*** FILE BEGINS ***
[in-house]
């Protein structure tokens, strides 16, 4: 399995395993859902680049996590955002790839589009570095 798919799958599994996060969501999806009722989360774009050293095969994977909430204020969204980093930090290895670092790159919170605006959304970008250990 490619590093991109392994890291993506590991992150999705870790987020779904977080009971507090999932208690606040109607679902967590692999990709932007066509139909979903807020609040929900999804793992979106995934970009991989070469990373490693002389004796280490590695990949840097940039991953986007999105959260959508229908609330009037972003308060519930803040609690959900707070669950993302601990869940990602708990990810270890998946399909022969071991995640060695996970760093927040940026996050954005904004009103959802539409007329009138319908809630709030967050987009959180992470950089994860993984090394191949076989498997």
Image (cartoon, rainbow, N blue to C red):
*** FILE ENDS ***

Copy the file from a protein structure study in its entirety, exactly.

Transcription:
[in-house]
């Protein structure tokens, strides 16, 4: 399995395993859902680049996590955002790839589009570095 798919799958599994996060969501999806009722989360774009050293095969994977909430204020969204980093930090290895670092790159919170605006959304970008250990 490619590093991109392994890291993506590991992150999705870790987020779904977080009971507090999932208690606040109607679902967590692999990709932007066509139909979903807020609040929900999804793992979106995934970009991989070469990373490693002389004796280490590695990949840097940039991953986007999105959260959508229908609330009037972003308060519930803040609690959900707070669950993302601990869940990602708990990810270890998946399909022969071991995640060695996970760093927040940026996050954005904004009103959802539409007329009138319908809630709030967050987009959180992470950089994860993984090394191949076989498997």
Image (cartoon, rainbow, N blue to C red):